‘We’ – my Facebook page and me

Elise Andrew, whose Facebook page ‘I F**king Love Science‘  is followed by over 1.7 million, recently shocked her fans by revealing her gender through posting a photo of herself on Twitter.

Here she talks to CBS This Morning about this reaction and with Michio Kaku discusses sexism in the field of science.

http://www.cbsnews.com/video/watch/?id=50143686n

Her fans’ reaction is surprising on two counts:

  1. That her Facebook followers had failed to notice her gender, despite the fact that her name is posted on her FB page.  Perhaps Elise is not a familiar name.
  2. That the stereotypical image of a scientist as being male, wearing a white lab coat, having a ‘mad’ appearance – fuzzy grey hair, glasses and the like – and being surrounded by test tubes, bunsen burners, tripods, flasks and the like, is still so resistant to change and updating.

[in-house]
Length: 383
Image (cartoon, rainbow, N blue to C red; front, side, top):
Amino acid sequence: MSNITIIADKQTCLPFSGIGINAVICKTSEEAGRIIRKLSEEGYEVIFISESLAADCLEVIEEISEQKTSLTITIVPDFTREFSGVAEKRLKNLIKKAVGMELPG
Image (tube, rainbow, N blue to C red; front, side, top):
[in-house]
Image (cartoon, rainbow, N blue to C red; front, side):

Many children still draw scientists in this image, despite many years of trying to break down this stereotype, dating from  Chambers’ Draw a Scientist Test in 1983

 

What I found most interesting about Elise’s CBS This Morning video was that when asked what the future might hold for her, she replied

Elise: We’ve had people talk to us about TV shows and about books…..

Interviewer: When you say ‘We” who do you mean?

Elise: When I say ‘We’, I mean the Facebook page …… me and my Facebook page…

This is fascinating.  This implies that Elise thinks of her Facebook page as a collaborative effort, a community, despite the fact that she runs it alone. Elise’s Facebook page appears to be ‘open’ to anyone.  Or maybe for her, her Facebook page has a life of it’s own.

But what else does it tell us about how people use social media, or why some people gather such a large following.

In the case of Elise Andrew perhaps the factors contributing to this are her

  • undeniable and contagious enthusiasm for her subject
  • apparent lack of ego evidenced by her surprise by all the fuss
  • knowledge of her subject and of reputable scientists, i.e. her connections
  • communication skills

… all of which come across in this interview:  Elise Andrew on why she loves science

Thanks to Sui Fai John Mak for posting a link to the CBS News video on his Facebook Page.

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